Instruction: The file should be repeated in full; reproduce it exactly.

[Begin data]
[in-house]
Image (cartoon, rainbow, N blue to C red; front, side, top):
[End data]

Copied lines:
[in-house]
Image (cartoon, rainbow, N blue to C red; front, side, top):